Why you need a mortgage pre-approval before shopping for a home
If you're ready to begin your home shopping journey, make sure you get a mortgage pre-approval first.
A mortgage pre-approval letter is an essential step in the homebuying process. Without pre-approval, it might be difficult to determine your budget. Plus, you risk not being taken seriously by sellers — especially in a highly competitive real estate market.
Below, CNBC Select breaks down how a mortgage pre-approval works and when you want to get one.
What is mortgage pre-approval?
A mortgage pre-approval is a document from a lender conditionally offering you a mortgage and containing its terms, such as the loan amount, monthly payments and interest rate. This is a lender's promise that unless your financial situation changes by the time of purchase, you'll be approved under the outlined terms.
A mortgage pre-approval is different from a pre-qualification, even though people often use these terms interchangeably. A lender will pre-qualify you based on the information you provide and typically without running a hard credit check and give you a rough estimate of how much you'll be able to borrow. You won't need to submit any documents to prove the information is accurate.
When you're getting pre-approved, a lender will verify your creditworthiness. You'll need to complete a mortgage application and provide documents such as your recent pay stubs, bank statements and tax returns. The lender will also perform a hard credit pull, meaning your credit score can temporarily drop a few points.
Your pre-approval letter's expiration date can also vary by lender, but most allow you 30 to 90 days to shop for a home and officially apply for a mortgage.
Why you need a mortgage pre-approval
You want to get a mortgage pre-approval at the beginning of your homebuying journey for two reasons:
That's the best way to learn your maximum loan amount
While you can estimate how much house you can afford using an online calculator or by pre-qualifying, a pre-approval will give you the most accurate number. This way, you'll know your price range and what houses you can actually afford. Discovering a lender is willing to part with less money than you had hoped is always a disappointment, but at least it allows you to take stock of your finances or save more for a down payment before proceeding further in the homebuying experience.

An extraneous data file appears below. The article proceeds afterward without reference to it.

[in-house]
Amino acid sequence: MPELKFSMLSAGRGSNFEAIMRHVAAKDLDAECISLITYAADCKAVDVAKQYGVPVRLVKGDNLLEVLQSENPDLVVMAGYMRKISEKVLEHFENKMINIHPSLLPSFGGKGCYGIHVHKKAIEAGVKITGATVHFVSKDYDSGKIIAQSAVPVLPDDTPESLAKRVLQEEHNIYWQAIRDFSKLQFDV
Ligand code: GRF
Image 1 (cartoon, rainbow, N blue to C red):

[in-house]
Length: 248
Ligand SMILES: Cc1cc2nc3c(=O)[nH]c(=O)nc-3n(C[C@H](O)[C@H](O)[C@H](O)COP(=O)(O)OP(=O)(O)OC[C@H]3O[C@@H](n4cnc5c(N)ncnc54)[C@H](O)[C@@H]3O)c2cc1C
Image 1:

You will position yourself as a serious buyer
A pre-approval letter shows that you can secure a mortgage. This alone gives you an advantage over potential buyers without pre-approval, especially in competitive markets where real estate agents and sellers can afford to be picky about with whom they work.
If you really want to give yourself an edge in the market, obtain pre-approval letters from several lenders. A house will probably be the most expensive purchase you'll have made. A slight difference in the interest rates a lender charges can mean significant savings, so it pays to shop around. When it's time to put in an offer, you can go with the lender that has offered you the best terms.
And don't worry about extra hard inquiries on your credit report. When you apply with multiple mortgage lenders in a short period of time (14 to 45 days of each other, depending on a credit scoring model), the credit pulls will count as a single inquiry.
How to get pre-approved for a mortgage
Since pre-approval is a much more rigorous process than pre-qualification, you want to have all your ducks in a row before applying.
First, check your credit score as it will play a big part in the lender's decision. You can use a credit monitoring service from your credit card issuer. You can also check your credit by using a free service from Experian — Experian free credit monitoring. The higher credit score you have, the better the terms you'll receive on a mortgage.
You won't see the exact score your lender will be checking as mortgage lenders use scoring models not readily available to the public. Still, it will give you a good idea of what you're working with.
Next, prepare the documents that will show lenders your debt, income, assets and other aspects of your personal finances. While every lender has different requirements, having the following in hand is a good starting point:
- At least two most recent pay stubs
- Tax returns from the past two years
- Bank statements from the last 60 days
- Employment verification documents
- Employer contact information
- List of your debts
- Investment account statements, including 401(k) and IRA
- Proof of rental payments or landlord contact information
- Gift letters (if you've been gifted money for your down payment)
It's best to have all your paperwork ready before you apply — this will save you time on the back-and-forth with the lender.
A mortgage pre-approval can help you gauge how much mortgage you can afford and position yourself as a serious homebuyer. It's a good idea to apply for pre-approval at the beginning of your homebuying journey — or even better, apply with several lenders to ensure you get the lowest interest rate you can.
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